The accuracy of step turning depends on the machine and the operator. If performed by an experienced machinist, step turning can be accurate enough to achieve bearing-fit tolerances.
Step turning is a fundamental machining operation and can produce shafts with multiple diameters. Listed below are some common advantages of this technique:
- Speed: The shaft can be machined without having to remove it from the machine. This means the process is fast and well-suited to large-volume manufacturing when coupled with CNC machining.
- Complex Shafts: Step turning can produce shafts with multiple precise diameters that are well-suited for various machine design applications.
- Low Cost: Creating a single part is cheaper than making multiple smaller shafts, assembling, welding, and machining them.
One of the main disadvantages of step turning is the potential material wastage. For example, consider a shaft that requires 45 mm, 40 mm, and 25 mm steps. This means that a bar of 50 mm diameter stock workpiece will need to be used, and by the time the 25 mm diameter step is reached, half of the diameter of the blank is wasted. However, these issues can be mitigated with good design practices. For example, selecting shafts that are closer to standard stock sizes or choosing mechanical elements like bearings, gears, or taper locks that do not require significantly large step changes.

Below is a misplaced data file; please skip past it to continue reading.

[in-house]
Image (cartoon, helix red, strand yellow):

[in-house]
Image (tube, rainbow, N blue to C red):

Facing is a turning operation that is performed on the end faces of a workpiece and is performed over the entire face of the part. On a shaft, this would be the face (or faces) perpendicular to the shaft axis. Step turning also produces faces that are perpendicular to the shaft axis, but they are not on the ends of the shaft and do not extend over the entire cross-sectional area of the shaft—only that part that forms the step to the next diameter.
This article presented step turning, explained it, and discussed its purpose and process. To learn more about step turning, contact a Xometry representative.